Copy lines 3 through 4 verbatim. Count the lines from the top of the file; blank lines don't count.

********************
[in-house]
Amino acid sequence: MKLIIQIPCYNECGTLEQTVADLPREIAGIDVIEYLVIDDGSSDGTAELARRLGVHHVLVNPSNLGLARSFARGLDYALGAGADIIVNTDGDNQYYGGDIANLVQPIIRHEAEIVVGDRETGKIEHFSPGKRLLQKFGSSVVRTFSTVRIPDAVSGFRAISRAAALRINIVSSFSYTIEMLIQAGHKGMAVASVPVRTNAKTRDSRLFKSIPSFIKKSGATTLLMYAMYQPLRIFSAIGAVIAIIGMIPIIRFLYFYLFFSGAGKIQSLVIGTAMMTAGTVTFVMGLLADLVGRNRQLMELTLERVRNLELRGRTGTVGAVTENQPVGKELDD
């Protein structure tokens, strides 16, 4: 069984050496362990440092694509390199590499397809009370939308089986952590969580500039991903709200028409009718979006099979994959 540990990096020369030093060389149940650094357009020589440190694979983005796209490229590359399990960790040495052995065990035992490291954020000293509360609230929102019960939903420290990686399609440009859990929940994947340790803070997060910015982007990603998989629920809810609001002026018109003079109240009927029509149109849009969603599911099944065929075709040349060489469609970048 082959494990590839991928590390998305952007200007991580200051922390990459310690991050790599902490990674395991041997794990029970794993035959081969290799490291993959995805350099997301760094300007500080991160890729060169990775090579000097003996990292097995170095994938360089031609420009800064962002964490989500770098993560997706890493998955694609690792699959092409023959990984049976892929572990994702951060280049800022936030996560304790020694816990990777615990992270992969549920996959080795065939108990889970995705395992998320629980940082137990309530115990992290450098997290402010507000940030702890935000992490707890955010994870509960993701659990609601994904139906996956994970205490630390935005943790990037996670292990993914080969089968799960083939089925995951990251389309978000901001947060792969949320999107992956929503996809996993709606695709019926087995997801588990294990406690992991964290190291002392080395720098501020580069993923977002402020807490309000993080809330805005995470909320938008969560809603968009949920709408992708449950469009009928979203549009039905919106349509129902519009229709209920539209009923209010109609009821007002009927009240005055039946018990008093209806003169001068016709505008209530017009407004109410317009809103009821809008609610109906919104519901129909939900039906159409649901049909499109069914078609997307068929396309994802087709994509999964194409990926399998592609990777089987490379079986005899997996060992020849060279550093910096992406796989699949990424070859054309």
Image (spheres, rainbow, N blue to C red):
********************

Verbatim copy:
């Protein structure tokens, strides 16, 4: 069984050496362990440092694509390199590499397809009370939308089986952590969580500039991903709200028409009718979006099979994959 540990990096020369030093060389149940650094357009020589440190694979983005796209490229590359399990960790040495052995065990035992490291954020000293509360609230929102019960939903420290990686399609440009859990929940994947340790803070997060910015982007990603998989629920809810609001002026018109003079109240009927029509149109849009969603599911099944065929075709040349060489469609970048 082959494990590839991928590390998305952007200007991580200051922390990459310690991050790599902490990674395991041997794990029970794993035959081969290799490291993959995805350099997301760094300007500080991160890729060169990775090579000097003996990292097995170095994938360089031609420009800064962002964490989500770098993560997706890493998955694609690792699959092409023959990984049976892929572990994702951060280049800022936030996560304790020694816990990777615990992270992969549920996959080795065939108990889970995705395992998320629980940082137990309530115990992290450098997290402010507000940030702890935000992490707890955010994870509960993701659990609601994904139906996956994970205490630390935005943790990037996670292990993914080969089968799960083939089925995951990251389309978000901001947060792969949320999107992956929503996809996993709606695709019926087995997801588990294990406690992991964290190291002392080395720098501020580069993923977002402020807490309000993080809330805005995470909320938008969560809603968009949920709408992708449950469009009928979203549009039905919106349509129902519009229709209920539209009923209010109609009821007002009927009240005055039946018990008093209806003169001068016709505008209530017009407004109410317009809103009821809008609610109906919104519901129909939900039906159409649901049909499109069914078609997307068929396309994802087709994509999964194409990926399998592609990777089987490379079986005899997996060992020849060279550093910096992406796989699949990424070859054309």
Image (spheres, rainbow, N blue to C red):